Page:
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Five years of social security reforms in the UK

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  • Mike Brewer

    ()
    (Institute for Fiscal Studies and ISER, Essex University)

  • Tom Clark

    (Institute for Fiscal Studies)

  • Matthew Wakefield

    ()
    (Institute for Fiscal Studies and University of Bologna)

Abstract

The current Labour Government was elected in 1997 with few specific social security proposals. This paper argues that after five years, consistent trends in social security policy have emerged: there is a willingness to increase benefits; a “work-first” focus; increasing centrality for benefits that relate to ‘need’, which has involved expanded means-testing; a downgrading of contributory benefits; and, a desire to reduce poverty by redistributing to particular demographic groups. Many of these characteristics of Labour policy, such as the size of caseloads or aggregate expenditure, are yet to show up in various aggregate data, and we argue that this is probably due to various counter-balancing socio-economic changes since 1997. Looking forward, we discuss what the introduction of new forms of means-test might achieve. We also suggest that it might be considered odd that Labour has left Housing Benefit and Council Tax Benefit unreformed, especially since a good chance to reform them without significant cost or low-income losers, has been missed.

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Bibliographic Info

Paper provided by Institute for Fiscal Studies in its series IFS Working Papers with number W02/12.

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Length: 53 pp
Date of creation: Jun 2002
Date of revision:
Handle: RePEc:ifs:ifsewp:02/12

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  1. Mike Brewer, 2001. "Comparing in-work benefits and the reward to work for families with children in the US and the UK," Fiscal Studies, Institute for Fiscal Studies, vol. 22(1), pages 41-77, January.
  2. Robert Walker & Michael Wiseman, 1997. "The possibility of a British earned income tax credit," Fiscal Studies, Institute for Fiscal Studies, vol. 18(4), pages 401-425, November.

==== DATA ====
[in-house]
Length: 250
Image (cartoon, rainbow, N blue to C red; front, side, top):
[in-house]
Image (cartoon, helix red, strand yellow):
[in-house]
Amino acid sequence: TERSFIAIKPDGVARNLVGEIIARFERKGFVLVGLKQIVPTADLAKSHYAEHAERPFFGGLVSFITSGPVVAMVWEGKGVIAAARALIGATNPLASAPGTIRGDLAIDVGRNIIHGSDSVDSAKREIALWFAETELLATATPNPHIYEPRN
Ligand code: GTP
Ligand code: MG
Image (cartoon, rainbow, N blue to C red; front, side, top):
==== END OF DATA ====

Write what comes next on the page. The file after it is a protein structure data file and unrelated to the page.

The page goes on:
3. R. Walker & M. Wiseman, . "Britain's New Deal and the Next Round of U.S. Welfare Reform," Institute for Research on Poverty Discussion Papers 1223-01, University of Wisconsin Institute for Research on Poverty.
  4. Chris Giles & Paul Johnson & Julian McCrae, 1997. "Housing benefit and financial returns to employment for tenants in the social sector," Fiscal Studies, Institute for Fiscal Studies, vol. 18(1), pages 49-72, February.
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Cited by:
  1. Bargain, O. & Beblo, M. & Beninger, D. & Blundell, R. & Carrasco, R. & Chiuri, M-C. & Laisney, F. & Lechene, V. & Longobardi, E. & Moreau, N. & Myck, M. & Ruiz-castillo, J. & Vermeulen, F.M.P., 2006. "The working families' tax credit and some European tax reforms in a collective setting," Open Access publications from Tilburg University urn:nbn:nl:ui:12-194161, Tilburg University.
  2. Ghazala Azmat, 2006. "The impact of tax credits on labour supply," Economics Working Papers 979, Department of Economics and Business, Universitat Pompeu Fabra, revised Jul 2009.
  3. Susan Himmelweit & Barbara Bergmann & Kate Green & Randy Albelda & the Women's Committee of One Hundred & Charlotte Koren, 2004. "Lone Mothers: What is to be done?," Feminist Economics, Taylor & Francis Journals, vol. 10(2), pages 237-264.
  4. Ghazala Azmat, 2006. "The Incidence of an Earned Income Tax Credit: Evaluating the Impact on Wages in the UK," CEP Discussion Papers dp0724, Centre for Economic Performance, LSE.
  5. Olivier Bargain & Karina Doorley, 2009. "In-work Transfers in Good Times and Bad - Simulations for Ireland," Working Papers 200930, School Of Economics, University College Dublin.

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